Polypharmacy Is Associated With Accelerated Deterioration of Renal Function in Cardiovascular Outpatients

Jun-ichi Sakamoto, Toshiyuki Shikata, Satoyasu Ito, Takeshi Kimura, Kojiro Takamoto, Eri Manabe, Masanori Asakura, Masaharu Ishihara, Takeshi Tsujino


Background: Polypharmacy is associated with poor prognosis of patients with various diseases. However, it has not been precisely addressed how polypharmacy affects the clinical characteristics of the cardiovascular outpatients. The aim of this study is to search for the clinical characteristics related to the number of prescribed drugs in the cardiovascular outpatients. Also, we examine whether the number of the prescribed drugs affects the worsening of renal function.

Methods: This retrospective study was conducted using the data of 259 continuous cardiovascular outpatients who were examined complete blood count (CBC) and serum creatinine.

Results: In the univariate analysis, the number of prescribed drugs were associated with the number of cardiovascular diseases or their risk factors, age, white blood cells, platelet, body mass index, anemia, and chronic kidney disease stage 3b or higher. In the multivariable analysis, independent variables that significantly correlated with the number of prescribed drugs were the number of cardiovascular diseases or their risk factors, anemia, and chronic kidney disease stage 3b or higher. Among 259 patients, 208 patients received follow-up examination of serum creatinine. The number of prescribed drugs was the only factor that was associated with accelerated deterioration of renal function.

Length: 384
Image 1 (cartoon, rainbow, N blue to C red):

Conclusions: Polypharmacy is associated not only with poor renal function but with accelerated deterioration of renal function. Polypharmacy may be causally related with renal dysfunction.

Cardiol Res. 2020;11(1):15-21
doi: https://doi.org/10.14740/cr991


Polypharmacy; Renal function; Anemia; Chronic kidney disease

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